Author Kondo, Mariko| Mori, Kazuo| Nomura, Hiroshi| Kadowaki, Hanako| Watanabe, Makiko| Doi, Akemi| Shima, Sayaka|
Published Date 2016-12-29
Publication Title Bioethics - Medical, Ethical and Legal Perspectives
Content Type Book
JaLCDOI 10.18926/AMO/48264
FullText URL 66_2_143.pdf.pdf
Author Watanabe, Makiko| Ueno, Hiroshi| Suemitsu, Shunsuke| Yokobayashi, Eriko| Matsumoto, Yosuke| Usui, Shinichi| Sujiura, Hiroko| Okamoto, Motoi|
Abstract Recent studies have demonstrated the important role of immune molecules in the development of neuronal circuitry and synaptic plasticity. We have detected the presence of FcγRllB protein in parvalbumin- containing inhibitory interneurons (PV neurons). In the present study, we examined the appearance of PV neurons in the barrel cortex and the effect of sensory deprivation in FcγRllB-deficient mice (FcγRllB-/-) and wild-type mice. There was no substantial difference in the appearance of PV neurons in the developing barrel cortex between FcγRllB-/- and wild-type mice. Sensory deprivation from immediately after birth (P0) or P7 to P12-P14 induced an increase in PV neurons. In contrast, sensory deprivation from P7 or P14 to P28, but not from P21 to P28, decreased PV neurons in wild-type mice. However, sensory deprivation from P0 or P7 to P12-P14 did not increase PV neurons and sensory deprivation from P7 or P14 to P28 did not decrease or only modestly decreased PV neurons in FcγRllB-/- mice. The results indicate that expression of PV is regulated by sensory experience and the second and third postnatal weeks are a sensitive period for sensory deprivation, and suggest that FcγRllB contributes to sensory experience-regulated expression of PV.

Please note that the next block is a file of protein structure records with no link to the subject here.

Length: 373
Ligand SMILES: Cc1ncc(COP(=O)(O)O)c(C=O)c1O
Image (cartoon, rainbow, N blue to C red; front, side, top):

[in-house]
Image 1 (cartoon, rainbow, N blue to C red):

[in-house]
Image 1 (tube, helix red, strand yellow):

Keywords parvalbumin fast-spiking interneurons FcγRllB barrel cortex sensory deprivation
Amo Type Original Article
Published Date 2012-04
Publication Title Acta Medica Okayama
Volume volume66
Issue issue2
Publisher Okayama University Medical School
Start Page 143
End Page 154
ISSN 0386-300X
NCID AA00508441
Content Type Journal Article
language 英語
Copyright Holders CopyrightⒸ 2012 by Okayama University Medical School
File Version publisher
Refereed True
PubMed ID 22525472
Web of Sience KeyUT 000303175300007